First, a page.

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Data retention laws: Is your data safe in the hands of those who collect and access it?

Data retention laws require telecommunications companies to keep telephone and internet traffic data for a certain period of time, during which it can be accessed by law enforcement and security agencies. For example, in 2015 the Australian Parliament passed the Telecommunications (Interception and Access) Amendment (Data Retention) Act requiring the telecommunications industry to retain a set of metadata for two years, and in 2014 the UK Parliament passed the Data Retention and Investigatory Powers Act.

Much of the concern in regard to data retention laws has centred on what information will be retained (in particular, data or metadata), and who will have access to it and for what purposes. But an equally important issue is this: how safe is our data in the hands of the law enforcement and security agencies who collect and access it?

Against the backdrop of the proposed further strengthening of data retention laws in the UK through the Investigatory Powers Bill, civil liberties organisation Big Brother Watch has published the report Safe in Police hands? How Police Forces suffer 10 data breaches every week and still want more of your data1.

The report reviews UK police records to find that:

  • In the past 5 years there have been 2,315 breaches in police forces, including the following:
    • 869 (38%) instances of inappropriate/unauthorised access to information
    • 877 (38%) instances of inappropriate disclosure of data to third parties.
  • 25 cases involved misuse of the Police National Computer.
  • 1283 (55%) cases resulted in no disciplinary or formal disciplinary action being taken.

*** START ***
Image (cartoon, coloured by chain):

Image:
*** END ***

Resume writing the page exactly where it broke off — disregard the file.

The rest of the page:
• 297 (13%) cases resulted in either a resignation or dismissal.
  • 70 (3%) cases resulted in a criminal conviction or a caution.
  • 258 (11%) cases resulted in either a written or verbal warning.

In response, Big Brother Watch is pushing for custodial sentences for serious data breaches, arguing that existing penalties are inadequate. Their recommendations are:

  1. The introduction of custodial sentences for serious data breaches.
  2. Where a serious breach is uncovered the individual should be given a criminal record.
  3. The mandatory reporting of a breach that concerns a member of the public.
  4. The removal of Internet Connection Records from the Investigatory Powers Bill.
  5. Adoption of the General Data Protection Regulations.

The General Data Protection Regulation is a proposed new data protection arrangement for the EU, which Big Brother Watch argues the UK should still adopt despite its recent decision to leave the EU.


  1. Big Brother Watch. (2016). Safe in Police hands? How Police Forces suffer 10 data breaches every week and still want more of your data. July 2016.
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Bruce Boyes

Bruce Boyes ( is editor, lead writer, and a director of the award-winning RealKM Magazine (, and a knowledge management (KM), environmental management, and project management professional. He is a PhD candidate in the Knowledge, Technology and Innovation Group at Wageningen University and Research, and holds a Master of Environmental Management with Distinction. His expertise and experience includes knowledge management (KM), environmental management, project management, stakeholder engagement, teaching and training, communications, research, and writing and editing. With a demonstrated ability to identify and implement innovative solutions to social and ecological complexity, Bruce's many career highlights include establishing RealKM Magazine as an award-winning resource, using agile and knowledge management approaches to oversee an award-winning $77.4 million western Sydney river recovery program, leading a knowledge strategy process for Australia's 56 natural resource management (NRM) regional organisations, pioneering collaborative learning and governance approaches to support the sustainable management of landscapes and catchments, and initiating and teaching two new knowledge management subjects at Shanxi University in China.

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